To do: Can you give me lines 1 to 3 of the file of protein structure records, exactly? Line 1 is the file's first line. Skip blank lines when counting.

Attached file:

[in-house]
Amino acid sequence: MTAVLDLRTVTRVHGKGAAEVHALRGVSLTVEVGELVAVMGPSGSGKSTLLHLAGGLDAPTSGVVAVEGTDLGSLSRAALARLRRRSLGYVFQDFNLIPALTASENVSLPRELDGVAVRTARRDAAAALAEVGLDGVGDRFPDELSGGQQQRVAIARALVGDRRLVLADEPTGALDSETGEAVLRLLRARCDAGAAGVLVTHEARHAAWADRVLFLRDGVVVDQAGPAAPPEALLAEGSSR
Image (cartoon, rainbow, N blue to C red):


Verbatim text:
[in-house]
Amino acid sequence: MTAVLDLRTVTRVHGKGAAEVHALRGVSLTVEVGELVAVMGPSGSGKSTLLHLAGGLDAPTSGVVAVEGTDLGSLSRAALARLRRRSLGYVFQDFNLIPALTASENVSLPRELDGVAVRTARRDAAAALAEVGLDGVGDRFPDELSGGQQQRVAIARALVGDRRLVLADEPTGALDSETGEAVLRLLRARCDAGAAGVLVTHEARHAAWADRVLFLRDGVVVDQAGPAAPPEALLAEGSSR
Image (cartoon, rainbow, N blue to C red):